Dr. Murray Feingold: Will fast-food restaurants start serving statin?

Dr. Murray Feingold

A novel way to help prevent a heart attack was recently discussed in an article published in the American Journal of Cardiology.

It is a well established fact that eating a low-fat diet helps lower the risk of having a heart attack.

People have been aware of this for years, but unfortunately they continue to make poor food choices.

The presence of so many fast-food outlets has not helped this situation. They are everywhere and appeal to children, people in a hurry, and others.

However, many of the goodies that they serve, hamburgers and french fries for example, contain lots of fat and are high in calories.

The authors of the article have come up with an idea how to neutralize or negate the increase risk of a heart attack after eating these foods.

They suggest that fast food outlets supply statin drugs such as Zocor or Lipitor, free of charge, to their customers. This would help negate the deleterious effects that a fatty meal would have on the heart.

At the present time, a prescription is necessary for almost all statin drugs. The researchers believe that certain statin medications should be made available without a prescription.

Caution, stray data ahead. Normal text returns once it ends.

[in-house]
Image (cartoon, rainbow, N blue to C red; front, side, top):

Also, the cost of most of these medications has significantly decreased and the authors don't believe that it would be too costly to provide them at no cost.

There are side effects to statin medications including liver, kidney, and muscle diseases. However, the researchers believe that these risks are small compared to their benefits.

They recommend that studies be done to determine the risks involved in people taking statin medications without medical supervision.

It is stressed that taking these medications is not a good substitute for eating a healthy diet.

But if you can't do without your burger and fries, someday when you order them, you might be able to ask them to "Hold the mayo and add a statin."

But this approach needn't to apply to only to fast-food restaurants.

When dining at your favorite family restaurant, someday you might be ordering your filet mignon "medium rare with a side of statins."

However, more research is needed before I would recommend such an approach.

Massachusetts-based Dr. Murray Feingold is the physician in chief of The Feingold Center for Children, medical editor of WBZ-TV and WBZ radio, and president of the Genesis Fund. The Genesis Fund is a nonprofit organization that funds the care of children born with birth defects, mental retardation and genetic diseases.